A Newsweek column dismissing the established body of evidence on anthropogenic climate change for some time had scientists going critical on how best and whether to respond to the naive perspective.

At the same time, the column by Newsweek European economics editor Stefan Theil had a prominent conservative climate contrarian boasting that the magazine had flipped on the climate change issue … and a prolific liberal climate blogger decrying “the error-riddled, un-fact-checked article.”

News Analysis

It turns out that the offending “Uncertain Science” column, which ran only in Newsweek‘s overseas or international edition distributed throughout Europe, Asia, does not speak for the magazine at all — it was an individual column and not the editor’s or magazine’s editorial — and it has been dismissed by a knowledgeable Newsweek insider as “widely viewed as uninformed, silly.”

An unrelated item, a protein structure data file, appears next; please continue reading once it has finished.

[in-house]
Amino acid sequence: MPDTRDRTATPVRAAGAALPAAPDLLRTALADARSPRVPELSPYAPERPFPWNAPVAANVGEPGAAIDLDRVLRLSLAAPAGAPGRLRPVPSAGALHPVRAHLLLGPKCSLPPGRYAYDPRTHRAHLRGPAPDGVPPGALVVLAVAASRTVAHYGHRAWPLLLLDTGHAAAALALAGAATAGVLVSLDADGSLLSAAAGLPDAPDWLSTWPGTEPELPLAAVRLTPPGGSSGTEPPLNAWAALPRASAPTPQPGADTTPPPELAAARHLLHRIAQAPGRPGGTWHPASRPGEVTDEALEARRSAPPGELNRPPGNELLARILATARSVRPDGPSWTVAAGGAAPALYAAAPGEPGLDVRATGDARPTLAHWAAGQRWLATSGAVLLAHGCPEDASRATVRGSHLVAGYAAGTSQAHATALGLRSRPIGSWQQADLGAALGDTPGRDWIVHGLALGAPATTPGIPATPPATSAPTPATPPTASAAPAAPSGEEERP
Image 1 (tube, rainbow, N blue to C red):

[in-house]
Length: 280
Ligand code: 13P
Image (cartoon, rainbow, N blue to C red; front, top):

No sooner had the May 28 international edition been published than aggressive and prolific contrarian blogger Marc Morano distributed an e-mail celebrating what he hoped to portray as a major reversal, a “shocker” — “Newsweek: Giving up on global warming?” He did not mention that the piece was a column and not an editorial, nor that it did not appear in the U.S. version of Newsweek.

From the opposite side of the climate science and political spectrum, liberal and also prolific blogger Joe Romm, on his climateprogress.org site, blasted the Newsweek column as “another staggering journalistic lapse in climate science reporting at a once-great media outlet.” Again not mentioning that it was published only in the overseas edition, Romm quoted Drexel University Professor Robert J. Brulle, an environmental communications specialist, as saying the Theil “article is basically a condensed version of the climate denier viewpoint.”